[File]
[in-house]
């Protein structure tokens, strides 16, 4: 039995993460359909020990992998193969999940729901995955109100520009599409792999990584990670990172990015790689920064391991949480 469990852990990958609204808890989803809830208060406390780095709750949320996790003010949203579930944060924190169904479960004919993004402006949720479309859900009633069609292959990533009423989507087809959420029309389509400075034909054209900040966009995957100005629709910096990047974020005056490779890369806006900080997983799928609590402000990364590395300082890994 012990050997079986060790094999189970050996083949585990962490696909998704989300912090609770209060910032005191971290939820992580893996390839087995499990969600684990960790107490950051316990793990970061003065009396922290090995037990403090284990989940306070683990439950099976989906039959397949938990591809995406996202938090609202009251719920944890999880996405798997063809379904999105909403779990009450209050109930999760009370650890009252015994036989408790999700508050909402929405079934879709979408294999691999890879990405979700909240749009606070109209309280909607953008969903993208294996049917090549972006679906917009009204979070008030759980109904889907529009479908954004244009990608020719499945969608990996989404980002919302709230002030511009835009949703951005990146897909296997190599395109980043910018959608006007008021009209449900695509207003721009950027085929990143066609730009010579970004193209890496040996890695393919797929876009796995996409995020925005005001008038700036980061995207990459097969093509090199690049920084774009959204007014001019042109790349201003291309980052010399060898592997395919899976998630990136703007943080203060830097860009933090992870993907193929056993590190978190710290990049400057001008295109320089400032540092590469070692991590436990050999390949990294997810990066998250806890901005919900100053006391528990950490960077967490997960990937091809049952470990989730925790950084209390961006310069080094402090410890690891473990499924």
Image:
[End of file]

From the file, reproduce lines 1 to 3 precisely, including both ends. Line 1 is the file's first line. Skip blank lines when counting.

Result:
[in-house]
């Protein structure tokens, strides 16, 4: 039995993460359909020990992998193969999940729901995955109100520009599409792999990584990670990172990015790689920064391991949480 469990852990990958609204808890989803809830208060406390780095709750949320996790003010949203579930944060924190169904479960004919993004402006949720479309859900009633069609292959990533009423989507087809959420029309389509400075034909054209900040966009995957100005629709910096990047974020005056490779890369806006900080997983799928609590402000990364590395300082890994 012990050997079986060790094999189970050996083949585990962490696909998704989300912090609770209060910032005191971290939820992580893996390839087995499990969600684990960790107490950051316990793990970061003065009396922290090995037990403090284990989940306070683990439950099976989906039959397949938990591809995406996202938090609202009251719920944890999880996405798997063809379904999105909403779990009450209050109930999760009370650890009252015994036989408790999700508050909402929405079934879709979408294999691999890879990405979700909240749009606070109209309280909607953008969903993208294996049917090549972006679906917009009204979070008030759980109904889907529009479908954004244009990608020719499945969608990996989404980002919302709230002030511009835009949703951005990146897909296997190599395109980043910018959608006007008021009209449900695509207003721009950027085929990143066609730009010579970004193209890496040996890695393919797929876009796995996409995020925005005001008038700036980061995207990459097969093509090199690049920084774009959204007014001019042109790349201003291309980052010399060898592997395919899976998630990136703007943080203060830097860009933090992870993907193929056993590190978190710290990049400057001008295109320089400032540092590469070692991590436990050999390949990294997810990066998250806890901005919900100053006391528990950490960077967490997960990937091809049952470990989730925790950084209390961006310069080094402090410890690891473990499924």
Image: